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Russia's New Armata Tank Makes Debut in Parade Rehearsal

  • Associated Press

Russian military vehicles including the new Russian T-14 Armata tank, center, make their way to Red Square during a rehearsal for the Victory Day military parade which will take place on May 9 to celebrate 70 years after the victory in WWII, in Moscow, May 4, 2015.

Russian military vehicles including the new Russian T-14 Armata tank, center, make their way to Red Square during a rehearsal for the Victory Day military parade which will take place on May 9 to celebrate 70 years after the victory in WWII, in Moscow, May 4, 2015.

Russia's new Armata tank appeared in public for the first time Monday, rumbling down a broad Moscow avenue on its way to Red Square for the final rehearsal of the Victory Day parade.

The Russian Defense Ministry last month released photographs of the tank, but its turret was covered with fabric and only the platform was visible. Monday was the first time that the tank was shown uncovered.

The Armata will be a highlight of the military parade on Saturday, the 70th anniversary of the victory over Nazi Germany in World War II. About 200 pieces of military hardware and 16,500 troops will take part in the parade on Red Square.

Russian and some Western military experts say the Armata will surpass all Western versions. The tank is the first to have an internal armored capsule housing its three-man crew and a remotely controlled turret with an automatic weapons loading system, features that allow for increasing both the level of crew protection and the efficiency of the tank's weapons.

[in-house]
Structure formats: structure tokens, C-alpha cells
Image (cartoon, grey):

The Armata designers also envisage the use of the same platform for several other machines, including a heavy armored infantry vehicle, a self-propelled heavy howitzer and combat support vehicle. This would cut production costs and streamline technical support and maintenance.

The pioneering design potentially puts the Armata ahead of Western competition, but it is yet unclear whether the Russian weapons industries will be able to meet the ambitious production plan for the new tank.

Under a major weapons modernization program, the military is reportedly set to receive 2,300 Armatas by 2020, but those plans may face revision with the Russian economy reeling under the impact of slumping oil prices and Western sanctions.

Oleg Bochkaryov, a deputy head of the Military Industrial Commission, a government panel dealing with weapons procurement, said last week that the Armata will enter service next year. He said the new tank will not be sold abroad at least for another five years.

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